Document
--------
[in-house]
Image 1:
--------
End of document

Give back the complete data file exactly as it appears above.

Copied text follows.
[in-house]
Image 1: